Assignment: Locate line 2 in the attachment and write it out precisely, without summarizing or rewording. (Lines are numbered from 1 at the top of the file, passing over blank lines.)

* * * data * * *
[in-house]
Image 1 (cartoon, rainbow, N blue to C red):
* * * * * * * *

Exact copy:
Image 1 (cartoon, rainbow, N blue to C red):